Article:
As part of my current research, I've been doing tests where I disable/re-enable cores by echoing 0 or 1 to /sys/devices/system/cpu/cpuN/online to simulate vertical scaling.

With Kernel v4.4.0 (Ubuntu 16.04 LTS), this works perfectly on multiple Xeon E3 machines. Recently, I had the chance to test dual-socket EPYC 7281 machines, also on Ubuntu 16.04, with v4.4.0. Disabling cores on these systems worked just fine. When re-enabling them, however, they were shown as online by lscpu and htop, but no work was ever scheduled on them again until I rebooted the machine, i.e. when I stressed the machine, htop showed that only cores that had not been disabled and re-enabled before were being used.

In other words: On a Xeon machine, i first disable all cores but core #0, then re-enable them all again. Afterwards, everything runs normally as it did before disabling cores. On the EPYC machines, cores that had been disabled were never used again, even after re-enabling them and even though they were shown as being available by htop and lscpu.

I can no longer access the EPYC machines to test this further myself (only had them for 2 weeks and wasn't allowed to upgrade to newer kernel), but we're thinking about buying new hardware and I need to find out whether Threadripper/EPYC (Zen in general) can generally not disable/re-enable cores via the kernel, or whether this was just some weird isolated problem.

My question(s) is (are):

  • Could cores not coming online properly be a problem of the older 4.4. kernel, so would this issue be fixed if I were to upgrade to a newer kernel? Unfortunately, I can't test this, as I no longer have access to the EPYC machines (otherwise, this post would not be here :)). I would, however, have full control over our new hardware. So if this issue is fixed by a newer kernel, I'd be happy.

  • If not due to the kernel version, why would EPYCs behave in this way, and what could I do to remedy this?

I tried searching for answers, but so far haven't found anything conclusive, other than the fact that apparently there have been lots of patches for Zen-based CPUs since kernel v4.10 and later.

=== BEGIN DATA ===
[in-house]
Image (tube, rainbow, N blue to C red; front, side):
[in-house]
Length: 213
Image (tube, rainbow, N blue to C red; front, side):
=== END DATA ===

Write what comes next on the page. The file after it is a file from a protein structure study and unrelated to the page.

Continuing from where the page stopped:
I looked at this link, which gives a few details about how the process works for Intel CPUs, and even links to the actual code responsible for disabling cores. Unfortunately, that didn't help a lot, at least I didn't understand enough to answer my questions.

This didn't help either, as I need to vertically scale cores during runtime, without rebooting.

I also found some references to a new power management system in newer kernels, but that went way over my head :-/

Or maybe instead of digging and finding the root of the problem, it would be enough if anyone who currently has a Threadripper or EPYC system with a recent kernel could maybe run a quick test by disabling/re-enabling cores and then loading them to check whether they are properly being utilized?

I would really appreciate any insight and help with this problem!

I'll be here to give further details if necessary, I don't know what else could be needed to explain this behavior. Also, is this the right exchange to ask this question, or would you recommend any other means of asking for help?

closed as off-topic by Jeff Schaller, forcefsck, jimmij, Timothy Martin, telcoM Apr 30 at 18:49

This question appears to be off-topic. The users who voted to close gave this specific reason:

  • "Questions describing a problem that can't be reproduced and seemingly went away on its own (or went away when a typo was fixed) are off-topic as they are unlikely to help future readers." – Jeff Schaller, forcefsck, jimmij, Timothy Martin, telcoM
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up vote 1 down vote accepted

Ok, just for posterity, I've figured out the answer experimentally.

A colleague of mine did a quick test on a fully loaded EPYC 7281 machine with kernel v4.15, by disabling 31/32 cores and re-enabling them again. All disabled cores were correctly utilized again, so the issue I had earlier seems to be gone.

It is unclear which version includes this fix or whether there were any other changed factors that might impact this result, but for now I'm rather certain that having a newer kernel lets one disable/enable cores on Zen-based CPUs without a problem.

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